Tuesday, May 25, 2010

Anorther Detroit childhood icon passes away

From today's (May 25) Detroit Free Press online edition
Ricky the Clown made generations of kids laugh

Family friend fondly recalls the amazing life of a Detroit legend
For a kid growing up in Detroit in the 1960s, it was better than going to the circus or the zoo. That's how I remember my family's visits to the home of Ricky the Clown.
Ricky -- born Irvin Romig -- died Sunday at age 90. It boggles the mind to think how many kids he made laugh in a lifetime of clowning. I was one of those kids, but luckier than most, because Irvin and my dad, Richard Panzenhagen, were best friends. They grew up under the same roof on Mt. Elliott in Detroit.
By 1960, my family had moved to the east side of Detroit; Irvin, his wife, Rose, and son, Chris, had moved to the faraway reaches of West 10 Mile Road. Driving to Southfield, a veritable wilderness in those days, was akin to driving Up North -- the Lodge Expressway wasn't even finished yet.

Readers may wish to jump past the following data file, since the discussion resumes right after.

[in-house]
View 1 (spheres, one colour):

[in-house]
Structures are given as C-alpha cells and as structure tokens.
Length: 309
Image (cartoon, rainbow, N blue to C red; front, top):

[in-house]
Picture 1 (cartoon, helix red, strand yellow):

The Romigs' ranch-style home was across the street from WXYZ-TV's (Channel 7) Broadcast House, where Irvin performed on such programs as "The Ricky the Clown Show" and "Action Theater."
While their house was comfortable, the backyard was amazing. It was the biggest one I'd ever seen and, believe it or not, a llama lived back there. It didn't do much, but how many people do you know who have a llama in the backyard?
Irvin had go-karts for us kids to ride, and he'd haul grownups around in a contraption that resembled a paddy wagon hooked up to a tractor.
The basement was a kid's delight, a storehouse of props that had been used in the act over the years -- everything from toy guns to musical instruments to a gorilla outfit. The best part of any visit, though, was Irvin himself, who would slide easily into his Ricky persona to entertain guests.
I'll never forget his endless supply of gags and one-liners, or his over-the-top version of "Mammy." Mostly I'll remember the joy Irvin got from entertaining others. His laughter was infectious.
Ricky the Clown was inducted into the International Clown Hall of Fame in 2001, alongside the likes of Emmett Kelly and Red Skelton. Yet it's fair to say that Irvin Romig didn't achieve real stardom. His greatest legacy will be that he made generations of kids laugh. Luckily, I was one of those kids, and I had a front-row seat.

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